the whole 'X may not use my software' takes you out of that blame graph and i guess you can feel squeaky clean that the nazis in society aren't nazis with your help. but that doesn't solve the nazi problem does it now. you still have nazis
i guess it also depends on whether you claim responsibility for how people use your software?
like if i make a web server and nazis use it to host nazi shit, am i morally responsible? probably indirectly, you've made nazis live easier to be nazis at best.
are we going to start measuring dependency graphs of software whenever someone does a bad and start playing the blame game?
probably the biggest nazi enabler then is glibc
this comes from a long and tired perspective of seeing how people don't take their creations or tools seriously in the first place, open source or proprietary, and the impact that's had on the dignity and livelihoods of people who don't fit in the average idea of a human
if you think of giving people tools and autonomy over them as fundamental to human rights, then the whole 'you may not use this software to X' feels a lot like dehumanization to me
it's likely not intentional though, because people don't think of things they create as tools or believe humans should have tools to do things
i guess it depends on whether you believe in FOSS because you want to ensure people are empowered with the tools they have, or because you want to share code and develop with others
it also just kind of rubs me the idea that people are building solutions to problems but want to deny people the ability to use the solutions.
there's something deeply sickening to me about, say, building wheelchairs and denying them to nazis
over the past years or so i've seen 'no evil', 'no nazi', 'no military' or 'no commercial' use software licenses, whatever- software licenses that include clauses that aren't directly about the source code or authorship itself
as far as i can tell this is just to make the author feel empowered about stuff without actually making a real change in the world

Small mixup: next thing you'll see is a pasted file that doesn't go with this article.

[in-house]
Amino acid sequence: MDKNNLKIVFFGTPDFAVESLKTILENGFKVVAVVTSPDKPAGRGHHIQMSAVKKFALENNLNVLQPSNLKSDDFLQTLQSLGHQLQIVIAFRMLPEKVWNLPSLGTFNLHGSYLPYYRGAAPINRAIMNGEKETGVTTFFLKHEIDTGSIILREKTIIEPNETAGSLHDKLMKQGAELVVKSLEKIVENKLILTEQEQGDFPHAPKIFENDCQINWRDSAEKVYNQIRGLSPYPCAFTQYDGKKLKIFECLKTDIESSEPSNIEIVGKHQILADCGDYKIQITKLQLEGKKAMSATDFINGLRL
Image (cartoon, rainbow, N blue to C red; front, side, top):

wow someone paid $2000 for a librem USA phone and hasn't got it
color me shocked
'jookia wouldn't it have been better to use a practical example, such as a PCB you're soldering?'
oh looks like you can focus the lens by removing the hot glue that stops you from focusing the lens:
pinecil review, other iron
i did some power reviews with no thermal loads
the pinecil uses 10w idle, 35w heating up. this is double what it says so maybe there's some HUGE loss in the USB charger i'm using
my 937D+ uses like 150w heating up and idles by bouncing between 10w and 50w, it's listed as a 70w iron though so this is kind of fine
pinecil review, other iron
might as well look at my main iron now huh? it's a 937D+, it cost $40. this is my first iron that didn't melt or just spontaneously break. it's supposedly temperature controlled but i haven't checked if that's true. the tips it came with were trash so i bought an actual hakko tip for it for like $8.
how does this compare to my other irons? well, MUCH less power. my hakko red 30w hangs around 35w of constant use, and takes 3 minutes to heat up to 260 degrees without me actually soldering anything and using up the stored heat
i haven't tested my main (ex-main?) iron but i assume it solves the issue by using MORE POWER
my only gripe is that i don't have a proper power supply for it. it can go up to 21 volts, but i've only been using it at 12 volts since i'm using a usb cable and generic qualcomm charger. usb pd is pretty expensive still. but even with like 12 watts of power this thing kicks ass and does its job
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